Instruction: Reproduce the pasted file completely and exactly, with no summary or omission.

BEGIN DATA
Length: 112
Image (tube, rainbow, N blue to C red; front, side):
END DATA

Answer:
Length: 112
Image (tube, rainbow, N blue to C red; front, side):